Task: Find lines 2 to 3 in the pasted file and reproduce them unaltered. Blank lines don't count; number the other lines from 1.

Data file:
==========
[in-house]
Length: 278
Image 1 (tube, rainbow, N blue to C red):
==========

Length: 278
Image 1 (tube, rainbow, N blue to C red):